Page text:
Table of Contents
Storage. The purpose of our example app is to manage information about books. That is, we deal
with a single object type:
Book, as depicted in Figure 3.1.
The following is a sample data population for the model class
Table 3.1. Sample data for
|006251587X||Weaving the Web||2000|
|0465026567||Gödel, Escher, Bach||1999|
|0465030793||I Am A Strange Loop||2008|
What do we need for a data management app? There are four standard use cases, which have to be supported by the app:
Create a new book record by allowing the user to enter the data of a book that is to be added to the collection of stored book records.
Retrieve (or read) all books from the data store and show them in the form of a list.
Update the data of a book record.
Delete a book record.
These four standard use cases, and the corresponding data management operations, are often summarized with the acronym CRUD.
For entering data with the help of the keyboard and the screen of our computer, we use HTML forms, which provide the user interface technology for web applications.
For maintaining a collection of persistent data objects, we need a storage technology that allows to keep data objects in persistent records on a secondary storage device, such as a harddisk or a solid state disk. Modern web browsers provide two such technologies: the simpler one is called Local Storage, and the more powerful one is called IndexDB. For our minimal example app, we use Local Storage.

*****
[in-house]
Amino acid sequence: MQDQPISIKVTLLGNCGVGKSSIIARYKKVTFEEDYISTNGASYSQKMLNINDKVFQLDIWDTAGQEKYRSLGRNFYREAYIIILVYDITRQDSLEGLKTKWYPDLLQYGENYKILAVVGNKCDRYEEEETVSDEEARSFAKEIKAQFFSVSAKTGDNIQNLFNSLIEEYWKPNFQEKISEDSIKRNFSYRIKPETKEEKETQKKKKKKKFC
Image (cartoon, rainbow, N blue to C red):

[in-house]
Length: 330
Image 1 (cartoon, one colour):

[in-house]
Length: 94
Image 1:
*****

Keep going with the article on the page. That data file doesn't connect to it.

In the first step, we set up our folder structure for the application. We pick a name for
our app, such as "Public Library", and a corresponding (possibly abbreviated) name for the
application folder, such as "publicLibrary". Then we create this folder on our computer's disk
subfolders "model", "view" and "ctrl", following the Model-View-Controller paradigm for software application architectures. And
finally we create an
index.html file for the app's start page, as discussed
below. Thus, we end up with the following folder structure:
publicLibrary src ctrl model view index.html
The start page of the app loads the
Book.js model class file and provides a
menu for choosing one of the CRUD data management operations performed by a corresponding page
such as, for instance,
createBook.html, or for creating test data with the help
of the procedure
Book.createTestData() in line 17, or clearing all data with
Book.clearData() in line 18:
Figure 3.2. The minimal app's start page